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Court Adopts Factors to Determine Exceptions to Waiver of Issues Not Raised in Opening Brief, Remands for More Narrowly Tailored Internet Restrictions

In United States v. Albertson, No. 09-1049, the Third Circuit considered yet again whether a defendant’s supervised release term and special conditions were reasonable under 18 U.S.C. § 3553(a) as incorporated by 18 U.S.C. § 3583(d)(1). Albertson pled to one count of receiving child pornography and received a sentence of 60 months in prison (the mandatory minimum term of imprisonment), along with a 20 year supervised release tail with 8 special conditions. Albertson challenged the length of his supervised release term as well as special conditions that: (1) banned him from associating with children under the age of 18 (other than his children) without his probation officer’s prior approval, (2) banned him from using a computer with internet access without prior written approval of the probation department, and (3) required him to submit to an initial inspection and subsequent inspections of his computer and to allow probation to install monitoring or filtering software onto his computer.

The Court first addressed waiver, because Albertson only challenged the length of his supervised release term in his initial brief. His reason for only raising the challenges to the special conditions in his reply brief was that the Third Circuit issued its opinion in United States v. Miller, 594 F.3d 172 (3d Cir. 2010) a day after his initial brief was filed. The Court noted that normally issues are waived if not raised in the appellant’s opening brief, but there are exceptions in extraordinary circumstances. Relying on the First Circuit’s opinion in In re Kane, 254 F.3d 325, 331 (1st Cir. 2001), the court adopted factors to determine what constitutes extraordinary circumstances. The factors are: (1) whether there is some excuse for the failure to raise the issue in the opening brief, (2) how far the opposing party would be prejudiced, and (3) whether failing to consider the argument would lead to a miscarriage of justice or undermine confidence in the judicial system. Under these factors, the Third Circuit found extraordinary circumstances existed even though Albertson’s reason for failing to initially raise the issue was not compelling in light of the body of case law on computer-related conditions of supervised release that existed before Miller. The most compelling factor was that ignoring overbroad internet restrictions contrary to clear Third Circuit precedent would undermine confidence in the judicial system.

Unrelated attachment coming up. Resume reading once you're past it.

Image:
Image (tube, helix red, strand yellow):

The Court in Miller enunciated 3 factors relevant to assessing whether a supervised release condition is overbroad: (1) the scope of the condition with respect to its substantive breadth; (2) the duration of the condition; and (3) the severity of the defendant’s conduct - particularly whether the defendant used a computer to solicit or personally endanger children. The Albertson court added a fourth factor: the interplay between the prison time served and the term of supervised release, in light of the fact that often times district courts may find that a longer term of supervised release should follow a shorter prison term. The Court also found it relevant to consider the proportion of a supervised release restriction to the total period of restriction, including prison time.

Under these factors, the blanket ban on internet use without probation’s approval was “sweepingly broad” because Albertson never used the internet “as an instrument of harm” and because modern life is extremely difficult without access to the internet. Second, the Court found the duration of the conditions - 20 years - should be considered in light of his age. At 42 years old, Albertson’s 20-year restrictions were basically of the same length as the defendant’s lifetime restrictions in Miller (assuming an 80-year life expectancy - Miller was 60 years old when sentenced). Third, Albertson did not use the internet to actively contact or solicit contact with children. Albertson’s short incarceration period did suggest, however, that a lengthy supervised release tail was appropriate. As such, the Court upheld the 20 year supervised release term, but found the internet restriction condition overbroad and remanded to the district court to consider a more narrowly tailored internet use restriction. The Court also explained that the computer monitoring condition would be perfectly acceptable if paired with a more narrowly tailored and reasonable internet use restriction, so it remanded for reconsideration of that condition in connection with the internet use condition. Further, in light of the fact that Albertson had been charged with molesting his stepdaughter at the time of his federal sentencing (and later convicted), the Court upheld the association with minors condition.

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